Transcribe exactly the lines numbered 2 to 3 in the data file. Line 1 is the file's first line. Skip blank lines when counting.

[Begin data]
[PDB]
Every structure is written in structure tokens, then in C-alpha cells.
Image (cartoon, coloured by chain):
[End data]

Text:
Every structure is written in structure tokens, then in C-alpha cells.
Image (cartoon, coloured by chain):